Fig. 2 shows Autocorrelation Function (ACF) of designed sequence of length 4096. The ACF is almost an impulse function, which indicates that synthesized code generate very less self clutter. So we can say that design sequences are very useful for radar as well as for communication system. From above results it is clear that synthesized sequences autocorrelation properties are far better than literature values. These result proved the efficiency of MGA.



An effective Modified Genetic algorithm has been used for designing the Binary sequences which can be used in radar systems and spread spectrum communications for significantly improving performance of the system. This new approach combines the GA and the Hamming Scan algorithms and provides a powerful tool for the design of binary sequences. With the proposed optimization algorithm, the binary sequences are designed with different code lengths, N.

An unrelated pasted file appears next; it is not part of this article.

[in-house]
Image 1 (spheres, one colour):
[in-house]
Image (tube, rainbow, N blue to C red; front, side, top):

The designed sequences have better autocorrelation value than literature which has proved the efficiency of MGA. The synthesized binary sequences are promising for practical application to radars and communications.


[1] De Jong. K. A., "Genetic algorithms: a 10 year perspective", In J.J. Grefenstette (Ed.). Proc. First Internat. Conference on Genetic Algorithms. Lawrence Erlbaum Associates, Hillsdade: pp. 169-177, 1985.

[2] Moharir.P.S, Singh.R.and Maru. V.M., "S-K-H algorithm for signal design", Electronics letters, Vol 32, no 18, Aug 1996, pp.1642-1649.